What we are proposing is not revolutionary, these measures have been regularly used by  PERU researchers and others to evaluate the impact of voluntary services. However, what is different is using them in combination to also provide a proxy indicator of desistance. Engagement, non-engagement; dropping out from an agency then returning to the service; having their needs met but then encountering new needs and needing further help.  This commonly reflects the journeys that users have with voluntary agencies. This particularly applies because the service is voluntary – the user has the choice to engage or not engage. Compared to probation and prison where engagement is required, offenders’ involvement with voluntary services most closely mirrors the non-linear processes of desistance.

Importantly, if the MoJ adopted this approach it would provide a large scale, longitudinal research dataset which could help us build better models of desistance. To date most studies have been small scale and/or qualitative.

To be clear, PERU researchers are not suggesting that all of these measures should be applied to all voluntary agencies. Measurement should be proportionate to the size and financial value of the service. Generally, voluntary agencies will record information on user engagement, user needs and occasionally well-being. This is not systematic but with adjustment to organisational processes, support and training, recording could be made more consistent and a regular part of what agencies do.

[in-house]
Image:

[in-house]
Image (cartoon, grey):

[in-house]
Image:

A basket of complementary indicators would be required to provide a nuanced assessment of effectiveness and mitigate against gaming. While engagement is important, keeping offenders ‘on the books’ without improving their circumstances would not count.

What should happen next?

The Probation Review is a golden opportunity for Government and the sector to re-think how best to assess its contribution to supporting offenders desist from crime. Reducing reoffending should not be the sole and/or main measure.  Instead using engagement, needs and well-being as thematic outcomes gives voluntary agencies the opportunity to play to their strengths and provides complementary measures to reoffending.

Systematic collection of such data would provide Government with an unprecedented opportunity to quantitatively measure desistance with a robust dataset.

Because the VCS can access this data themselves, it gives them feedback about how well they are doing for their users and how they can improve what they do.

Recognising the holistic approach to service provision frequently adopted by voluntary agencies, acknowledges the sector’s contribution to promoting the social inclusion of offenders. Further, these thematic measures would represent a more profound shift, from viewing offenders primarily as risks that they pose to society but instead as people first – who yes have convictions but who also commonly have multiple vulnerabilities.  Enabling individuals to address their vulnerabilities gives them the opportunity to be included as part of their communities, which benefits them and makes us a more socially just society.

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2 thoughts on “Measuring the impact of the voluntary sector’s work with offenders”

  1. A very interesting article, and the voluntary nature of the engagement between the voluntary sector provider and the offender is a good point. I wonder if VCS organisations also might go the ‘second mile’ with clients, in distinction to the more formal relationships between the coercive agencies and offenders, and what difference that might make?